Sunday, 7 April 2019

The big difference between Spanish and Portuguese rugby

If you were to name the top few prospects coming from Spain you would get names from almost every major region coming from several different clubs. Madrid (Lucas Paulos, Gonzalo López), Catalonia (Samu Ezeala), Valencia (Alvar Gimeno), Valladolid (Martín Alonso, Juan Martínez), Basque Country (Kerman Aurrekoetxea), or Andalusia (Josh Peters, Tomás Munilla).

Indeed looking at the recent 26 man U20 squad it featured players from 16 different clubs spread in various parts in the country. If you were to add the U18s, the extended squad, along with the clubs abroad who have signed players to offer possible opportunity to further develop in professional rugby to the list of clubs contributing players for Spain grows even longer.

This puts Spain notably in direct contrast to some other Tier 2 nations more focused around certain areas including their big rival at age grade level Portugal. Whilst Spain's age grade sides have featured players from many clubs including those in lower divisions, Portugal's team was nearly entirely from (24 out of 26 players with RC Montemor the exception) just those from the main domestic league.

Portugal U20 this year have just one player from the country's second biggest city Porto with the vast majority of the team all based in or near Lisbon. The starting XV they fielded for the Rugby Europe U20 Trophy qualifying final was all within an hour's drive of each other (according to Google).


Map illustrating the location of clubs providing players to Portugal & Spain's U20 teams this year

Another nation which has even an more narrowly based talent pool is Uruguay. Every year their squad is provided for by the same few clubs all less than an hour drive of each other. If you look at their U20 squad from last year, 16 of their 26 man squad were provided by just two clubs. The sole exception in being some distance away from Montevideo was Dolores Rugby Club in Soriano (a club whose success has been in producing the props of this year's Los Teritos group Ezequiel Ramos and Reinaldo Piussi).


Map illustrating the location of clubs providing to Uruguay's U20 squad in 2018

There are obvious advantages in terms of feasibility of regular training camps and preparation in countries like Portugal and Uruguay with such a close playing base and very few players moving abroad. That has very likely been a factor of them overachieving especially at junior level in picking up some notable scalps you would probably not expect their senior team to be able to do.

After disappointment of another loss this weekend in Rugby Europe U20 Trophy qualifying to Portugal (who could not have wished for more ideal slippery conditions to play perfectly in their favour), some in Spain may complain of the lack of preparation they can afford relative to their Iberian rival.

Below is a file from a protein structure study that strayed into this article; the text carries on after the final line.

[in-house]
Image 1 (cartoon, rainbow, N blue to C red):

However longer term moving forward to senior level their position looks to be the stronger and with a higher ceiling for potential progress than those more tightknit closely prepared squads. To get to the highest level requires identifying best talent from as wide a range as possible, plus some having the ambition to move abroad, even if it comes with a trade off with less training time as a squad.

Tuesday, 26 March 2019

World Rugby's proposed "Nations Championship" is a terrible idea for "the global game"

The World Rugby crew of Brett Gosper,
Agustín Pichot, and Bill Beaumont
Initially when the New Zealand Herald reported leaked plans for their so called "Nations Championship" the concept was widely denounced by almost every rugby fan and especially those from Tier 2 nations.

There was no way that could possibly go ahead in response to the uproar it caused, but afterwards it then became clear Agustín Pichot's vision included two changes to that proposal which were relegation and Fiji not USA in the Rugby Championship and this was released in an official World Rugby video clip.

Remarkably despite relatively limited alteration all of a sudden World Rugby were selling what was initially a PR disaster in relation to Tier 2 nations and spinning it as for the good of "the global game". However many issues still remain and it's time to go through a few of them here ...

World Rugby are being incredibly dishonest that this is for "the global game"


World Rugby chairman Bill Beaumont claimed it would "accelerate the development and competitiveness of the global game". WR CEO Brett Gosper also recently appealed to those in the 6 Nations hesitant about the idea to think of the "global game". A few other known rugby media figures (mostly those with high levels of ignorance regards Tier 2 nations or low levels attention to detail in the plan) have been fooled into fully buying this line as well.

In actual fact this is not at all about "the global game" and it is incredibly dishonest and deceptive for WR to repeatedly claim it as such. You would think judging by some of the comments from WR that they had done a lengthy consultation with all the Unions from top to bottom and had the wide support from across Tier 2 nations before coming back with this proposal. The reality is quite the opposite.
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SANZAAR are the chief supporters
of the Nations Championship